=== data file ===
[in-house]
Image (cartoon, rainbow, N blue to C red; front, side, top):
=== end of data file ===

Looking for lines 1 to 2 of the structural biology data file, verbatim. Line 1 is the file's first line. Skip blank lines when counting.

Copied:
[in-house]
Image (cartoon, rainbow, N blue to C red; front, side, top):